Publication:

Cuisine - 2018-01-01

Data:

SCREEN PLAY

THE MAKER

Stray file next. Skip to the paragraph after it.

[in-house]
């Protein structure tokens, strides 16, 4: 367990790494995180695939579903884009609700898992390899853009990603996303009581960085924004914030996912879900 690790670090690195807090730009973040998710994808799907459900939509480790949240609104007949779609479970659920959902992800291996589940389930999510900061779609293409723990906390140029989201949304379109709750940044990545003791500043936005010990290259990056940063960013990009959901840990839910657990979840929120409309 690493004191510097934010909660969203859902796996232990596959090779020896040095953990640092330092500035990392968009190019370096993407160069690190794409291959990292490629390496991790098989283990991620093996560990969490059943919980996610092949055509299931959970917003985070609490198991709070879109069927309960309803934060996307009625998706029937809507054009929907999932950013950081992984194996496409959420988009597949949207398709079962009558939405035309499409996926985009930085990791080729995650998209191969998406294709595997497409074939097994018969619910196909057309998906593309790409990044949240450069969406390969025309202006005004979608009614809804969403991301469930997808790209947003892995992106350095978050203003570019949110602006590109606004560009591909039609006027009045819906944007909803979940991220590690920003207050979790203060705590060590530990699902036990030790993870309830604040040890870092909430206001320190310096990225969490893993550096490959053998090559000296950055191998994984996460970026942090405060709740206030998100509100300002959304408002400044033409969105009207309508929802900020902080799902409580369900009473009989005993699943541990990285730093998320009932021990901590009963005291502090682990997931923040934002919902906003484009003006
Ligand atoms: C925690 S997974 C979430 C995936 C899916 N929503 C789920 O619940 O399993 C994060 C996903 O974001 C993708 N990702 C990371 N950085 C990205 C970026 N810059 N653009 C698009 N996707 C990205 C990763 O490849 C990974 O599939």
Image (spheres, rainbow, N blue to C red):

Thomas Heaton meets an artist who’s hand-printing textiles for the home AS KATIE SMITH DRAWS the wooden squeegee across the boxed mesh, the ink seeps through the gaps, transposed onto the fabric below. Smith screenprints the old-fashioned way, stamping her designs onto tea towels, cushions, napkins and cork place mats for her Auckland business Smitten Design. Smith has been doing this for a long time, starting with screens she found in her signwriter father’s garage at 16 years old. With those screens she printed on her own clothes, played around with fabrics hoarded from op shops and sold some of her work at local cafes. She later studied textiles at Otago Polytechnic, then received an MA in textile art at Goldsmiths, University of London. Smith finds inspiration in urbanindustrial settings and the greenery around her west Auckland studio and home, and her stripes, lines, spots and tartan-style designs draw on that inspiration. Smith says her twig design is influenced by both the natural environment and the urban setting, appearing like an imperfect zebra crossing on the fabric. Every one of her designs is created to be repeatable, so one day they can be sold by the metre. Nostalgia also inspires her, says Smith. Her mother studied fashion in the 60s, and was no doubt a big influence. “So there’s that retro part as well – all those things are coexisting and fusing together,” she says. “It all seems to be a wild mash-up. Subconsciously it all kind of bubbles up.” Smith’s passion for textiles comes from a love for fashion, art and design. She’s worked in each of those industries, in the fields of sales and project management. “As far as Smitten goes, it’s been a little bit on-again, off-again due to having children and working full-time and parttime. I’ve just only recently given it my all,” she says. “All these experiences have really nurtured my practice. The thing about textiles is its ability to nurture a crossover between all these different fields – fashion and craft and bespoke work.” Smith uses water-based solvent-free inks to create her own images, employing screens made with films treated with light-sensitive emulsions before being exposed to a 400-watt light. “You’re pretty much then left with a stencil.” Then it’s a case of drawing the colours over natural fabrics. The work is therapeutic, given the repetitive motions and the creative process of design, she says. “You need to find your own voice in the cloth. To me that’s colour and texture, I’m not doing tūī or plant life. I plan to bring that in, but I am keeping it simple. I hate things being perfect, because life isn’t perfect.” Some processes are “archaic” compared to what is done elsewhere, she says. “I’m quite old school. It’s very rewarding, and it’s very different to a commercial printer. “Having worked for a commercial textile wholesaler, the fabric used to be bought in bulk and there was so much wastage. I just wanted to be able to print my designs in limited editions and short runs so people who bought from me were also buying a little bit of me.” Corban runs classes for children and adults at Corban Estate Art Centre, as well as through Whitecliffe School of Arts and Design, and there’s a waiting list to get in. She hopes to expand her teaching too, she says. “Everyone does such different work. That’s quite rewarding, with community education, because you have people from such different backgrounds and experiences. I think ‘yay, I’m breeding all these people who are going to keep the craft of screen printing alive’. “The process of being hands-on and getting ink on your fingers, and being able to be really spontaneous, is so important.”

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